Better Chicago public transit can improve public health

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Nevertheless, Chicago’s inequities keep many residents from enjoying the benefits of public transportation. In high-cost communities, affordable homes near transit are scarce and housing choices are limited. In disinvested neighborhoods, train stations sit surrounded by empty lots and vacant buildings. And everywhere across Chicago, transit hubs are often dominated by cars, making the trip to and from stations unsafe for pedestrians, cyclists and people using wheelchairs.

The Connected Communities ordinance introduced by Mayor Lori Lightfoot on June 22 tackles each of these challenges. Developed collaboratively by city departments and transit agencies working with community-based organizations, public health institutions, climate change experts, racial equity advocates, transportation leaders, developers and artists, Connected Communities intentions are clear: bring more homes and jobs closer to transit, promote development without displacement and ensure that our transit hubs are safe for everyone.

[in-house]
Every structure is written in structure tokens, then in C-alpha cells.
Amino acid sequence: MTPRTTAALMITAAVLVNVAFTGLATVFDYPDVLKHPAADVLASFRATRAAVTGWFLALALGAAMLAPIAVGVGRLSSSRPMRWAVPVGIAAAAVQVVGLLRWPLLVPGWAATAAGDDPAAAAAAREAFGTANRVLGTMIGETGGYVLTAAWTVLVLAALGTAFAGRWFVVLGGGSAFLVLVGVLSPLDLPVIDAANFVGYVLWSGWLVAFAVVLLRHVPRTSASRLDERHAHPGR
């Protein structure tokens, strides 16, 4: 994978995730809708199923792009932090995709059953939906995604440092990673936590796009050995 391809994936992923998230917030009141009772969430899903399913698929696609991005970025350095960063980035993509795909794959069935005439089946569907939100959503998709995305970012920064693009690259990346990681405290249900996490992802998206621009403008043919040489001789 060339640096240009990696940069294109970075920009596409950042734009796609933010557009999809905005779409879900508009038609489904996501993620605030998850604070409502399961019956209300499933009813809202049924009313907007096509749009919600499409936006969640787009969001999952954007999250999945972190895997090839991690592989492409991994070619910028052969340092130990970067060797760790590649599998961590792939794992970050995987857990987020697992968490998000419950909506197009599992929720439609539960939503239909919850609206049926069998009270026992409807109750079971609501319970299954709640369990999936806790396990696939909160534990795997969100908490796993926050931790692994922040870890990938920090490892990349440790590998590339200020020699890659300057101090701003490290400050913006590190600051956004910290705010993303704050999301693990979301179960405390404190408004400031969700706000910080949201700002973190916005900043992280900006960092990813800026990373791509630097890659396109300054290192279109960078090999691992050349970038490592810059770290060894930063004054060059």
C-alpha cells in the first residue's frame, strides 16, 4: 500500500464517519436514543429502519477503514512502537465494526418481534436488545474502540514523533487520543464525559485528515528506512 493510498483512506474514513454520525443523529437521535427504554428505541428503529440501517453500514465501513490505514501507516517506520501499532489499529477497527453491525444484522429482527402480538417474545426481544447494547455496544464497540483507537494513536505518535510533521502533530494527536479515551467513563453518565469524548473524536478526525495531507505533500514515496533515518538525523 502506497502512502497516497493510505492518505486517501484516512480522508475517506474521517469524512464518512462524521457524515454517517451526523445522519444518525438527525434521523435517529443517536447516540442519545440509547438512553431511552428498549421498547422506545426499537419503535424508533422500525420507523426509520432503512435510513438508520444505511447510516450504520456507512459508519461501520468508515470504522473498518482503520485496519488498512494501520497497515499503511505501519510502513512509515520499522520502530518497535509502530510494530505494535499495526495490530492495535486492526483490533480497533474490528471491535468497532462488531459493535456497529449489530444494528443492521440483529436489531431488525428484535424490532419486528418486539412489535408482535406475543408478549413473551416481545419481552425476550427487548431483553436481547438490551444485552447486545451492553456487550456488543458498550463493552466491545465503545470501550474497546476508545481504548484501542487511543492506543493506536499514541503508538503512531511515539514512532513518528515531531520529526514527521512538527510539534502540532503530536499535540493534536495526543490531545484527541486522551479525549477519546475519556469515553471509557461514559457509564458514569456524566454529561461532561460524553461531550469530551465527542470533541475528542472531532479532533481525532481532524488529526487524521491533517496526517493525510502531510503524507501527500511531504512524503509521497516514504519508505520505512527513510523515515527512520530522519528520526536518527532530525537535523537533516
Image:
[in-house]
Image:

This ordinance needs the City Council’s thumbs-up vote. We encourage our aldermen and alderwomen to put the health of our city first and join us in support of Connected Communities when it comes for a vote in the upcoming weeks.

A healthy city is a transit-oriented city. Let’s make equitable development near transit the norm and build a healthier Chicago.

Dr. Helene Gayle is past CEO of the Chicago Community Trust; Dr. David Ansell is senior vice president of Rush University Medical Center; and Dr. Allison Arwady is the commissioner of the Chicago Department of Public Health. All are members of Elevated Chicago’s leadership council.

via Crain’s Chicago Business https://ift.tt/3WgBF5y

July 5, 2022 at 05:30PM

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